Month: April 2017

Earth Day 2017: A Call to be Active in Conservation and Environmentalism

Ever since the end of 2016, I’ve been obsessively scrolling around the planet on Google Earth in my spare time. I’ve realized that I’m not doing this because I’m worried about what we might lose in the future, but because I’m nervous of what we have already lost today. Perhaps this notion of mine is because of my work and interest in paleontology. I’m liable to be looking to the past, not the present. Our current crisis, however, is too close for comfort for me, even in looking at it with a purely scientific perspective.

Late in the afternoon today, I took a hike in the Mianus River Gorge Preserve (their website is here), a beautiful stretch of land in New York that preserves an old growth forest of Hemlock trees that was not logged and turned into farmland because the hemlocks took up residence on the steep slopes of the gorge. This preserve was actually the first of the Nature Conservancy’s preserves and the first National Natural History Landmark in the United States , and walking through the gorge and old growth forest gave me a minute or two to think about conservation in general.

The land of the preserve bears biological stains from when humans exploited the countryside for its land, with the difference between the old-growth forest and the secondary growth forest growing on the slope above collapsed stone walls stark. Deforestation leaves its scars. As I read about the sudden uptick in deforestation in the Amazon rainforest, the old rock walls which populate the forest floor around myself come to mind.

In previous years, I’ve written articles on this blog on Earth day in celebration. I’m not so sure I can today. Science and the environment are under heavy attack from powerful forces political and economic. It’s up to everyone to stand up for the planet, as many demonstrated today by marching at the March for Science and its sister marches across the globe. Though I couldn’t join them today, I’ve been for my part trying to contact my legislators as much as possible regarding conservation and other issues and donating to conservation organizations among others when I can. Yet the scariness of the moment doesn’t cease. All I can say is that I think it’s going to be a long few years ahead for science and conservation, but with a little luck and a lot of work things will turn out all right. Happy Earth Day.

IMG_1489

Rocky Mountain National Park, Colorado. Photo by the author.

 

 

Advertisements

A New Theory on the Apex Predators of Appalachia

Hello everyone!  I’d like to share with you some recent developments regarding the study of dinosaurs from the eastern United States. Some new exciting research by Gotya et al. (2017) suggests that the apex predators of the continent were neither tyrannosauroids like Dryptosaurus aquilunguis nor huge crocodyliform taxa like Deinosuchus rugosus.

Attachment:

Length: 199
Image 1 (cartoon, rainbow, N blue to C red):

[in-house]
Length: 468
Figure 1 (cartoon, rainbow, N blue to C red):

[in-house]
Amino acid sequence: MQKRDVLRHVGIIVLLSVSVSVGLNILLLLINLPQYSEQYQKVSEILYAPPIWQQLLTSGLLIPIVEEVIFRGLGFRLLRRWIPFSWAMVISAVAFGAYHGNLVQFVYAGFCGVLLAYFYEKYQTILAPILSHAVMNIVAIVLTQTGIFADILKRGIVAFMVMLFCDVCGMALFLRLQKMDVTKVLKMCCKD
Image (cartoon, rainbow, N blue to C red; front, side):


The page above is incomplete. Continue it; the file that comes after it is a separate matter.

Gotya et al. (2017) suggest, contrary to previous research, that Appalachia was in fact the home of large relatives of the pitcher plant genus Sarracenia. These plants, named Lythrophytum giganticum (“giant gore plant”), are thought by Gotya et al. (2017) to have grown in large groves, with each plant’s mouth heavily widened to ingest large prey. Through molecular studies of the fossils of this large pitcher plant, Gotya et al. (2017) concluded that the L. giganticum emitted a sweet smell to draw in medium-sized herbivorous dinosaurs and other large herbivores. Then, the action of the herbivores biting the flower would cause the plant to release a highly toxic substance that would paralyze the herbivore. Then, with the herbivore immobilized, the heat of the herbivore’s body would cause each of the flowers of the L. giganticum plants to turn towards the plant’s paralyzed prey, excreting an acidic solution to dissolve the body. Once dissolved, the nutrients of the herbivore would be absorbed by the plants. I have illustrated the proposed process below for better clarity.

IMG_2599

Completely Accurate Restoration. 

I’m very interested to see how work on these giant Mesozoic plants progresses into the future. For more information, click on the link to the paper below:

Gotya HA, Aprille FO, Ferst OLS. 2017. New fossils from the Late Cretaceous of the eastern United States provide evidence for carnivorous plants being the apex predators of Appalachia, or something. Journal of Creepy Creatures 24: 114-122.